On a planned terrain without all that is readily called historical context, the only possibility from the point of view of genuine architecture is to create an implant not only with high functional but also with high aesthetic ambition.
This is precisely the attitude that characterises the administrative building of the Neuss public utility company. In a densely built-up, almost congested commercial area on both sides of the Konrad-Adenauer-Ring south of the Neuss city centre, the building, stretched from north-east to south-west, stands among buildings that rather resemble boxes and flats. It is distinguished from these by its rare shape: that of a large, not entirely symmetrical Y that largely avoids straight lines.
The concave long sides - two with a weaker, one with a stronger curvature - are vividly contrasted by the three narrow sides with their double sloping, i.e. tilting from the horizontal and vertical, then divided and offset wall sections. Clad all around with aluminium panels, the 3-storey building is accessed from the south-east through a wide entrance area with a canopy.
Behind the vestibule, the foyer spreads out and there is also a café and bistro. What catches the eye most, however, are the two staircases from the ground floor to the first and from the first to the first floor. What makes this complex so special is not so much the figure of the large V, but rather the way it operates with the formal contrasts of black and white on the one hand, and positive and negative on the other.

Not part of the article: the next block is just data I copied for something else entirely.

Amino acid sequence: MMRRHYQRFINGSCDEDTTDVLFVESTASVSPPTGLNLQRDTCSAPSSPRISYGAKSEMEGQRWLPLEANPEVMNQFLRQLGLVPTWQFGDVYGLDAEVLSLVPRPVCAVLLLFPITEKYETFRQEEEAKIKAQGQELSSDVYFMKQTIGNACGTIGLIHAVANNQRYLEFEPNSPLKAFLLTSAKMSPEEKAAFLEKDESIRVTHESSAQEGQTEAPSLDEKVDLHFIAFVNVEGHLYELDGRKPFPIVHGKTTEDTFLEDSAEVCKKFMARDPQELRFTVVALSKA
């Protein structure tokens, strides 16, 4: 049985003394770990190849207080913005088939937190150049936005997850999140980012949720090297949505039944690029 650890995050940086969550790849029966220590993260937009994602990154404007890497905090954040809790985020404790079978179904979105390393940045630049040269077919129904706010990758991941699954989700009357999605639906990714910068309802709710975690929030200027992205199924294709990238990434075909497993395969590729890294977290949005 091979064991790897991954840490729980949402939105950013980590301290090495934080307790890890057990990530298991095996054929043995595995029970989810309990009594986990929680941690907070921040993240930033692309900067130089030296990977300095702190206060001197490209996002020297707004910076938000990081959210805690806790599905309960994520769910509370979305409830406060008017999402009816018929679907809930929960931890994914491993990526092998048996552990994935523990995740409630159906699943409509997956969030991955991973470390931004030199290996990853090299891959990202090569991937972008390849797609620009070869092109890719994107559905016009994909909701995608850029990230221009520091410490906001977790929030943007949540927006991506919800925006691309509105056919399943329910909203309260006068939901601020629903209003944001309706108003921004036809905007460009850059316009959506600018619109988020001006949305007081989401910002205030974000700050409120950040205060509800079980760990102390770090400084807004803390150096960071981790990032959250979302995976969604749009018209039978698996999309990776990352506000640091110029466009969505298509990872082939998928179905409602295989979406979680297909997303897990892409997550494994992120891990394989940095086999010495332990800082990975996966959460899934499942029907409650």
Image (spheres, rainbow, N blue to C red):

In itself obeying the simple structure in which offices line up to the left and right of a corridor, this convention is nevertheless transformed in a highly refined way in the administrative building of the Neuss public utility company. The simple system of 3 corridors appears like a square from which 3 streets run in 3 directions; along the corridors there are open tea kitchens and high tables like benches and stands on the street. There are single, double and triple offices, all with a grid of 1.35 metres. The rooms are glazed room-high, and fresh air is provided by opening flaps made of aluminium coated with an anthracite-coloured powder.